Anne Traum, a law professor at the University of Nevada-Las Vegas, was nominated by President Joe Biden in November to be the United States District Judge for the District of Nevada. Traum’s name was selected by a judicial commission in Nevada consisting of Democratic State Senators Catherine Cortez Masto and Jacky Rosen. During last week’s U.S. Senate Judiciary Committee hearing, Republican Louisiana Senator John Kennedy, asked Traum, “Do you think we should forgive criminal misbehavior in the name of social justice?”
Prof. Traum replied, “Senator, thank you for that question. I recognize that all issues of crime and all responses to crime are fundamentally policy issues. So, those are important issues, they are important for our community and our nation, but I leave those policy issues to the policymakers if confirmed as a judge I would not be a policy maker.”
That does not respond to the question, and Kennedy was not satisfied. He asked again, after prefacing his second framing by saying, “I’m not asking your opinion as a judge. I’m asking your opinion as a person, as a law professor. I’ll stipulate, with all of you, that you’re all going to be fair and unbiased.” Then he repeated, “Do you think misbehavior and illegal acts should be forgiven in the name of social justice?”
She decided to repeat her dodge, saying, “Senator, I do believe that all criminal policy is fundamentally a policy issue…” before Kennedy interrupted to ask for the third time whether, as an individual, she believes that an illegal act should be forgiven in the name of social justice.
“Senator, that is not a view that I have taken in my work,” Traum said.
That is not an answer to the question either. “That’s no?” Kennedy said. “Is your answer ‘no?’”
Traum would not say it was “no,” and instead repeated that she has not “taken that view” in her work as a law professor.
Kennedy’s fourth try: “I’m asking, professor, what you believe. I think this is really straightforward. Do you believe that an illegal act should be forgiven in the name of social justice. It’s pretty simple.”
“Senator, I believe that we have criminal laws, criminal laws that are created by policy making bodies like this one…” Traum filibustered, and Kennedy again interrupted.
“I got all that. Do you believe that a criminal act should be forgiven in the name of social justice?” Kennedy said.
This prompted the professor’s fifth dodge: “We have not only criminal laws but we have a criminal process by which people come before the court to be held accountable if they are charged with a crime. And I have enormous respect for that process.”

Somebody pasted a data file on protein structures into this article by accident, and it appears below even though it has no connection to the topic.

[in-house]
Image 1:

Kennedy’s sixth attempt followed: “I do too. Do you believe that a criminal act should be forgiven in the name of social justice?”
Traum replied by saying that each individual that appears before the court has a unique case and she “respects that process.” Those statements also do not respond to Kennedy’s question.
So Sen. Kennedy asked the question again in the exact same words, prompting the professor to respond, “I don’t think I could say, with respect to any particular case or as a generality with respect to any category of cases.”
“Do you not have an opinion?” Kennedy asked
“I don’t have a view to share on how any particular kind of case should be handled,” Traum said. That’s also obfuscation. Kennedy did not ask if she would share her views on a particular hypothetical case. His question was one regarding principles and belief.
“If confirmed you’re going to be a federal judge. And I join my friend, Sen. Durbin, in saying judicial temperament is important. But I think being unbiased is even more important,” Kennedy said. “And I find it incredible that you won’t answer my question. So I’m going to ask it again…Do you believe that we should forgive a criminal act in the name of social justice?”
That’s attempt #8 by my count. Again, Traum ducked.
“Senator, I share the view that we should be unbiased but I also share the view that our criminal justice system and our process is very individualized so what should happen in any particular case is a matter of the process and the very specific facts and that…” Traum responded before Kennedy cut her off.
“Do you believe that a criminal act should be forgiven in the name of social justice,” Kennedy asked, for the 9th time.
Traum refused to answer again, repeating her previous detour about individual cases.
“I can’t vote for you, not if you’re not going to answer the questions,” Kennedy said.
That’s not enough. No Senator should have the opportunity to vote for a judicial nominee who won’t answer a direct, straightforward, relevant and reasonable question about a personal belief that might create a bias in assessing a case. This should also apply to Supreme Court nominees, and there have been many, who similarly refuse to answer candidly about their personal beliefs about abortion, or any other topic. I regard Traum’s responses not only as evasive, but also as disrespectful, arrogant, and dishonest. They also obviously meant “yes,’ because she would not say “no.” She’s untrustworthy by definition. Since we cannot count on Senators to refuse to vote for someone who has proven she is unfit to serve as a judge, an ironclad rule is necessary. After all, no judge would permit a witness to dodge a question like that. If a judicial nominee won’t answer a clear yes or no question with “yes” or “no,” that should be the end of the process. He or she is disqualified.